Peck's Compendium of Fun eBook

This eBook from the Gutenberg Project consists of approximately 292 pages of information about Peck's Compendium of Fun.

Suppose, a day or two before the circus arrives, the teacher should say to the school:  “Now I want you kids to go through your studies like a tramp through a boiled dinner, and when the circus comes we will close up this ranch and all go to the circus, and if any of you can’t raise the money to go, leave your names on my desk and I will see you inside the tent if I have to pawn my shirt.”

Of course it is a male teacher we are supposing said this.  Well, don’t you suppose those boys and girls would study?  They would fairly whoop it up.  And then suppose the teacher found forty boys that hadn’t any money to go and he had no school funds to be used for such a purpose.

How long would it take him to collect the money by going around among business men who had been boys themselves?  He would go into a store and say he was trying to raise money to take some of the poor children to the circus, and a dozen hands would go down into a dozen pockets in two jerks of a continued story, and they would all chip in.

O, we are too smart.  We are trying to fire education into boys with a shot gun, when we ought to get it into them inside of sugar coated pills.  Let us turn over a new leaf now, and show these boys that we have got souls in us, and that we want them to have a good time if we don’t lay up a cent.


We have heretofore entirely overlooked the magnetic qualities of the La Crosse water.  It will be remembered that the Fond du Lac water is advertised as magnetic water, and it has been said that a knife blade, after being soaked in the water will take up a watch key or a steel pen.  That is nothing compared to the La Crosse water.  Last week a man who had been soaked in La Crosse water, took up a watch, key and all, and a policeman who had been using the water took up the man, with the watch.  A pair of ice tongs, made of steel, on being soaked in water, took up a piece of ice weighing over a hundred pounds, and a farmer named Dawson, after drinking the water took up a stray colt.  A young couple stopped the other evening and took a drink of water and up Fourth street, and before they got to Seymour’s corner they were walking so close together that you couldn’t tell which the bustle was on.  We have never seen water that had so much magnetism in as this.  A pot of it on a house is better than a lightning rod.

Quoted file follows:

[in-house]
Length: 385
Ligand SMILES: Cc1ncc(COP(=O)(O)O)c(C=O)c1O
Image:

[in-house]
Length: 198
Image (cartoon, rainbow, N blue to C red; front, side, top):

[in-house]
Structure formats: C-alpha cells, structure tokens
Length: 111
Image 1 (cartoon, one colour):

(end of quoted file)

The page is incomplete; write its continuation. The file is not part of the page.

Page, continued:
In company with a couple of hundred others who were firm in the belief that the Sardinapalus troupe were under the auspices of the Young Men’s Christian Association, we attended the performance on Monday evening.  It was heralded as coming from Booth’s theater, N.Y., where it had a run of four months.  Most of them got away while on the trip here, and only a few appeared.  The scenery, which was also extensively advertised, was no more than could have been fixed

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Peck's Compendium of Fun from Project Gutenberg. Public domain.
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